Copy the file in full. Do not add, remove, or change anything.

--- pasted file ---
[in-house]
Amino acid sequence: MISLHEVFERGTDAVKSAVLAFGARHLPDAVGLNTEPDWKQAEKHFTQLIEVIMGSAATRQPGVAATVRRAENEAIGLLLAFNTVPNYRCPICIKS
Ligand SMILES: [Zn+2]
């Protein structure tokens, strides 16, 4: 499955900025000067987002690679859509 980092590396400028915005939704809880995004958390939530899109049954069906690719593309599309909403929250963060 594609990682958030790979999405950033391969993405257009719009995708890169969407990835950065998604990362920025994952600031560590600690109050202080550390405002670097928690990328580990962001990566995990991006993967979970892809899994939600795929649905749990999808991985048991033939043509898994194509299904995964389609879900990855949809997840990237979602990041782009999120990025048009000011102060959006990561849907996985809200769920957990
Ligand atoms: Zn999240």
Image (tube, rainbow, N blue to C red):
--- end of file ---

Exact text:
[in-house]
Amino acid sequence: MISLHEVFERGTDAVKSAVLAFGARHLPDAVGLNTEPDWKQAEKHFTQLIEVIMGSAATRQPGVAATVRRAENEAIGLLLAFNTVPNYRCPICIKS
Ligand SMILES: [Zn+2]
């Protein structure tokens, strides 16, 4: 499955900025000067987002690679859509 980092590396400028915005939704809880995004958390939530899109049954069906690719593309599309909403929250963060 594609990682958030790979999405950033391969993405257009719009995708890169969407990835950065998604990362920025994952600031560590600690109050202080550390405002670097928690990328580990962001990566995990991006993967979970892809899994939600795929649905749990999808991985048991033939043509898994194509299904995964389609879900990855949809997840990237979602990041782009999120990025048009000011102060959006990561849907996985809200769920957990
Ligand atoms: Zn999240």
Image (tube, rainbow, N blue to C red):